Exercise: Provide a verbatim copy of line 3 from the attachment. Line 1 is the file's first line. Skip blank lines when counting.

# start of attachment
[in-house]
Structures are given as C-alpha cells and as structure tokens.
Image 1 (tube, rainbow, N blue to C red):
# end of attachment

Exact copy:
Image 1 (tube, rainbow, N blue to C red):